What is Black fungus infection?
Black fungus, also known as Mucormycosis, is a rare but dangerous infection. Black fungus is caused by getting into contact with fungus spores in the environment. It can also form in the skin after the fungus enters through a cut, scrape, burn, or another type of skin trauma.
Fungi live in the environment, particularly in soil and decaying organic matter such as leaves, compost piles, rotten wood, and so on. This fungal infection is caused by a type of mould known as ‘mucromycetes’. It should be noted that this rare fungal infection affects persons who have health issues or who use drugs that weaken the body’s ability to fight the infections.
Doctors believe mucormycosis, which has an overall mortality rate of 50%, may be being triggered by the use of steroids, a life-saving treatment for severe and critically ill Covid-19 patients.

Black fungus symptoms-
The symptoms of black fungus will vary depending on where the fungus is growing in your body. They may include the following:

    • Fever
    • Cough
    • Chest pain
    • Shortness of breath
    • Swelling on one side of your face
    • Headache
    • Sinus congestion
    • Black lesions on the top of the nose or the inside of the mouth
    • Nausea and vomiting
    • Belly pain
    • Gastrointestinal bleeding
    • Blood in your stool
    • Diarrhea

If your skin is infected, the affected area may appear blistered, red, or swollen. It may turn black, feel warm, or be painful. Through your blood, the infection can also spread to other parts of your body. This is referred to as disseminated black fungus (mucormycosis). When this occurs, the fungus can attack organs such as your spleen and heart. In severe cases, you may experience mental changes or fall into a coma. It can even be fatal.

Black Fungus Risks ?
People who fall into the following categories are more likely to develop black fungus:
Uncontrolled diabetes, diabetic ketoacidosis, and diabetics taking steroids or tocilizumab.
Patients taking immunosuppressants or receiving anticancer treatment, as well as those suffering from a chronic debilitating illness
Patients taking high doses of steroids or tocilizumab for an extended period
Cases of COVID-19 Severity
Patients on oxygen who required nasal prongs, a mask, or a ventilatory support

How Black fungus effects COVID patients?
Mucormycosis is a rare but serious fungal infection. While the cases of this infection were relatively less, the Covid-19 outbreak has given a boost to the spread of this infection. It is commonly known as black fungus, the infection is now detected among Covid-19 patients across India. With a significant increase in fungal infection cases, the government has mandated that all states have to report suspected and confirmed cases of mucormycosis to the Integrated Disease Surveillance Programme (IDSP).
Now let’s take a look at what this infection is and why it is caused more frequently among Covid-19 patients. The infection is rare, but once a person is infected, the fungus manifests in the skin or can affect the brain or lungs, many cases of this infection have been reported in Covid-19 patients?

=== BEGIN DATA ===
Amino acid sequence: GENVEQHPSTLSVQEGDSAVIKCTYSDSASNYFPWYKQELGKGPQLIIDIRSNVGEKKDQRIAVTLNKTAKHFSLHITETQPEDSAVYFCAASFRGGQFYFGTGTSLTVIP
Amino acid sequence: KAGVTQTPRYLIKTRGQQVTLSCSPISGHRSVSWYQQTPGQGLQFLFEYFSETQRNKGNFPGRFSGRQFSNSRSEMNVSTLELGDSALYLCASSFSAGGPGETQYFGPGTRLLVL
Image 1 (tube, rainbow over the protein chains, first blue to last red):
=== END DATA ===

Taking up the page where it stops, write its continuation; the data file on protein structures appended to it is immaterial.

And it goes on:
Why is it occurring in COVID-19 patients ?

Mucormycosis can occur after COVID-19 infection, whether during the hospital stay or a few weeks after discharge.
The COVID-19 generates a sudden change in the interior environment of the host for the fungus, and the medical treatment administered unknowingly promotes fungal development. COVID-19 causes harm to the airway mucosa and blood vessels. It also causes a rise in serum iron, which is required for the fungus to grow. Broad-spectrum antibiotics not only kill potentially harmful bacteria but also beneficial commensals. Although antifungals such as Voriconazole prevent Aspergillosis, Mucor survives and grows due to a lack of resistance. Long-term ventilation decreases immunity, and there is conjecture that the humidifier water that is delivered along with the oxygen transfers the fungus.

Black Fungus Treatment:
Mucormycosis treatment must be fast and aggressive. The concern is due to the fact that by the time even a presumptive diagnosis is made, the patient has often suffered significant tissue damage which cannot be reversed.
Most patients will need surgical and medical treatment.
Most infectious disease experts say that without aggressive surgical debridement of the infected area, the patient is likely to die.
Medicines play an important role. Two main aims are sought simultaneously: antifungal drugs to slow or stop the fungal spread and drugs to treat debilitating underlying diseases.
Amphotericin B (initially intravenous) is the usual drug of choice for antifungal therapy.
Posaconazole or isavuconazole can treat mucormycosis.
Patients may even require an intravenous antifungal procedure lasting 4 -6 weeks.
Patients with underlying diseases like diabetes need to be in optimal control of their diabetes.
Patients normally on steroids or taking deferoxamine (Desferal; used to remove excess iron from the body) are likely to have these drugs stopped because they can increase the survival of fungi in the body.
Patients may need additional surgeries and usually need anti-fungal treatment for an extended period (weeks to months) depending on the severity of the disease